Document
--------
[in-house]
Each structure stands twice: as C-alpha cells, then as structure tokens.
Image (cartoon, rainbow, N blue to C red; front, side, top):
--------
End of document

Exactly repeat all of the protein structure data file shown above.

[in-house]
Each structure stands twice: as C-alpha cells, then as structure tokens.
Image (cartoon, rainbow, N blue to C red; front, side, top):